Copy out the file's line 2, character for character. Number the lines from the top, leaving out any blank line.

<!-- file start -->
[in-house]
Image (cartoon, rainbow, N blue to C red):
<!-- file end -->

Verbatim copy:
Image (cartoon, rainbow, N blue to C red):